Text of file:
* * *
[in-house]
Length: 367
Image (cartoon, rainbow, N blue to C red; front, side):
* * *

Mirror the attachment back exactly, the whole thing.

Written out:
[in-house]
Length: 367
Image (cartoon, rainbow, N blue to C red; front, side):